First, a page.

Originally Posted by vladd
I understand that the R5000 has worked for a lot of people and they are happy with it but I am of the opinion that the HD-PVR is a much more cost effective option with a much better cost to benefit ratio.
The HD-PVR is definitely one of the best options out there when you consider price.
I still much prefer the ability to record the digital stream directly over converted analog though. Plus, my STB would be a pain with the HD-PVR since once in HD mode, it only outputs HD. It also can only output 720p or 1080i (selectable through the setup menu) and it converts whatever the stream is into one of these before converting to analog and outputting through component. Without the ability to simply output using the native format, I am at the mercy of its internal deinterlacer and scaler. It also does a terrible job of both deinterlacing and scaling compared to my ATI HD 2600XT.
If you consider the situation where your STB is locked at outputting either 720p or 1080i, yet the source content is in 480i, 720p and 1080i; depending on the channel, you can see no matter what there isn't a good option. Depending on the output selection, there could be multiple and unnecessary deinterlacing, interlacing and/or scaling steps going on.
As long as you have an STB that automatically outputs using the native format, this isn't an issue.
Do most STBs switch output formats to match the source content, or do they behave like mine and force you to configure it to always output one and only one format through component video?
On the other hand, one of my biggest concerns with the R5000HD is the fact that Media Center isn't designed to handle glitches in the video stream. The HD-PVR will always provide a clean video stream, regardless of signal quality; while the R5000HD currently feeds glitches to Media Center if the signal isn't perfect. I don't know if this will be a problem with the new Media Center drivers, but with FireSTB every now and then I had to transcode the transport stream file manually into a dvr-ms file in order to clean up errors in the stream. With the new driver, it will probably require the ability to somehow detect errors and clean up or send blank video temporarily to Media Center to get around this. The problem is much more significant during heavy rain, heavy snow, sunspots, or when snow builds up on the dish, but even in the best of conditions glitches show up more often than ideal. It doesn't matter how good the image quality is if your wife's favorite TV show isn't watchable because it crashes Media Center...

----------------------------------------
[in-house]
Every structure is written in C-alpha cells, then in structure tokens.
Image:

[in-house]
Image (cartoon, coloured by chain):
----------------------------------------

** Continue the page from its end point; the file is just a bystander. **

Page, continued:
As far as the argument that the HD-PVR will create smaller files than the R5000HD, I am fairly certain that for similar quality that is not correct. Even though much of the raw digital transport streams use MPEG2, these streams are created using extremely high end encoders and use extremely low bitrates (especially with Satellite providers). The digital streams arriving already in h.264 will be even more highly optimized for compression. On top of that, once it has been converted to analog and re-encoded by the HD-PVR, you'll need to use a fairly high bit rate to not produce additional noticeable degradation to the image. The HD-PVR should still produce decent image quality, but it is impossible for the quality to be as good as the original digital source that your STB receives. You cannot improve image quality by decoding, converting to analog, capturing and re-encoding into a different compression format, so the HD-PVR can't be better than the original digital video.
I think the best way to look at it is the R5000HD is the best solution for image quality and the HD-PVR is the cost effective solution (this assumes both companies produce easy to install and use drivers for their products that work reliably). Competition is always a good thing for the end user.